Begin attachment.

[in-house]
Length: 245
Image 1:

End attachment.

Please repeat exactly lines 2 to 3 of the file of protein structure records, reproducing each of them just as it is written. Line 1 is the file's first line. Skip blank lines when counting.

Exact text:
Length: 245
Image 1: